Zoning Bylaws in Toronto

What you do with real estate you buy or sell in Toronto can be decided by a zoning bylaw or future use limitations.

Local land use controls can restrict if you live in or work from a home, condo, or commercial building. They can dictate what property is rentable, and how far your residence is from a street, alley, or next door neighbour.

Axess Law’s real estate lawyers search titles to Toronto properties you want to sell or put a legally binding offer to purchase on. We can tell you if a zoning bylaw affects your ability to enjoy a new home or commercial land you plan to buy.

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What is a Zoning Bylaw in Ontario?

A zoning bylaw manages how land use is used, like:

  • locations of homes and structures
  • what kinds of building are allowed, including commercial or institutional buildings
  • lot and building sizes, shapes, and setbacks from streets
  • where parking is placed
  • how many buildings are permitted per hectare (density)
  • or how many people live and work in a neighbourhood.

How a Toronto Zoning Bylaw Affects You

City of Toronto urban planners base decisions on how neighbourhoods and communities are organized on housing density and need, average incomes and family size, or the age of homes in your area.

Introducing a zoning bylaw in newer neighbourhoods encourages housing that appeals to a wide variety of singles and families, like high rises and row housing. Historic homes can be protected by heritage designations, limiting whether you can tear down, build additions, or renovate.Real estate services may not give you the full picture. Before you buy or sell, find out what happens to the deposit when buying a house — in case your deal falls through because of a zoning bylaw or future use limitation.

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What Non-conforming Use Means

Property owners who request exemptions to a zoning bylaw may get legal non-conforming status. That means their building use plans can proceed even though their property doesn’t meet City of Toronto zoning bylaw requirements.

It’s quite different from illegal non-conforming units. Commercial or home owners can be fined or subject to legal action and prevented from using property the way they intended if it doesn’t conform with a local zoning bylaw and use restrictions.

See our legal services for home buyers and sellers.

Types of Zoning in Toronto 

Zoning bylaws in Toronto can:

  • impose view plane restrictions on how a home’s height affects neighbouring views
  • affect official plans for neighbourhood development
  • identify shoreline hazard limitations 
  • impact heritage home designations
  • set yard and parking requirements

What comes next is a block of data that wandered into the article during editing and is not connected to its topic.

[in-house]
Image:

• and more. 

Look before you leap before you get tripped up by a zoning bylaw.

Reviewing zoning bylaws or asking a qualified Ontario appraiser before you sign an agreement of purchase and sale could protect your legal interests.

Zoning for Tiny Homes (Ontario)

Laneway suites can give you needed rental income. They offer extra space for college-age children or elderly parents. So can tiny homes. Yet Ontario municipalities that allow tiny homes may restrict or limit their use to seasonal recreational lots in RV parks or cottage territory.

Mortgages for tiny home buyers and builders.

Before you plan to buy or build a laneway suite or tiny home, check if a Toronto zoning bylaw applies. You could go to unnecessary expense only to be forced to sell a tiny home you buy, or dismantle disallowed new construction or renovations.  

Build a City of Toronto laneway suite.

Changing Zoning and Use Restrictions

Not happy with zoning or future use limitations? Apply to the City of Toronto for a minor variance order. Axess Law refers you to trusted legal partners if you plan to request a zoning variance or bylaw amendment.

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Nine Reasons You Need a Real Estate Lawyer in Ontario

Buying or selling a home, Axess Law can help by:

  1. Adding clauses like subject-to financing to the agreement of purchase and sale.
  2. Holding real estate deposits in trust until the deal goes through.
  3. Amending offers to purchase when home inspections require repairs.
  4. Arranging property title transfer in Ontario.
  5. Checking titles for property line encroachment laws in Ontario to prevent neighbourly disputes.
  6. Discharging construction liens that block a real estate sale.
  7. Liaising with private mortgage lenders to finalize property purchase documents.
  8. Paying out existing mortgages owed to lenders.
  9. Writing a final walk-through into the contract before handing over the keys to take possession.

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Our Affordable Flat Rate Fees

Access lawyers for less in Greater Toronto Area, Ottawa, or anywhere in Ontario when you buy, sell, or transfer property. Axess Law’s flat fee real estate lawyers are affordable, and our rates are all inclusive (excluding taxes, disbursements, and third-party charges). Axess Law offers you only the legal services you absolutely need. Your final invoice includes no surprises or hidden charges. Your itemized statement of adjustments is explained when we deliver it, and we answer any questions you have about it.

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Book Appointments By Phone or Online

Making appointments is easy. You just book online or phone our 647-479-0118 lawyer line (toll free to 877-402-4207) to arrange a time that suits your schedule. Axess Law locations in Ottawa and Greater Toronto Area have onsite parking and easy transit access.

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